Pull-request-Template.md

    Cory adds that a useful way to allow for well documented and safe pull requests is to make a pull request template in GitHub by creating a file called pull-request-template.md so that any time someone makes a pull request, that .md template will populate the pull request. Cory has a checklist for a pull request like making sure there are tests for any new components, the file name should have an uppercase character, is there a ticket open, etc. All of the basic things that should happen in a pull will be in the pull-request-template.md. Charles adds that documentation is one of the things that gets ignored. Having a standard process is very important, more so than getting the job done faster. Also having an outlined expectation for how it’s delivered is important as well.

    Documentation as Development Environment

    A useful trick that Cory uses, is using the documentation as the development environment. Anytime they are working on a new component, they start with a documentation site, making changes within the documentation and then it hot loading your changes live. This way your documentation is front of mind and keeps the documentation fall behind.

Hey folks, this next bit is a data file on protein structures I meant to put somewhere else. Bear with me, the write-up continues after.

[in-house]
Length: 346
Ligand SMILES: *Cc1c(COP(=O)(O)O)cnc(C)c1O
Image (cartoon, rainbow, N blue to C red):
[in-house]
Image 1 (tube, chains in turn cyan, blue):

Why React instead of the other frameworks?

    Cory says that he can sum up React in a single sentence. He says that your HTML sits right in the JavaScript. Which usually sounds bad to a large group of developers. He expects people to react negatively when he talks about it. What he has run into as a common problem, is people separating concerns by filetype and technology, but with React he seems the common problems in terms of components. Cory says that components are the future. Industries that have matured utilize components. For example car manufacturers or even electronic manufactures build things in modules and components. Things that are reusable should be encapsulated into a component instead of trying to hold it in our heads. This makes it so things look the same and reduces many mistakes. You can create components in different frameworks, but React co-mingles markup and javascript with something like JSX. You’re not writing HTML, you’re writing JSX that boils down to HTML. That one element is fundamentally what makes React easier to Cory. For the most part, React can be learned by JavaScript developers in less than a day because many of the things you need to do in React, is just basic JavaScript. Charles adds that components are a concept coming up in various frameworks and is becoming more popular.


    Picks
    Cory’s

    Cory’s React Courses on Pluralsight
    Essentialism the book

    Charles’

    Get a Better Job Course
    Angular Remote Conf (now Ruby Dev Summit)
    React Podcast Kickstarter


    Links

    Cory’s Twitter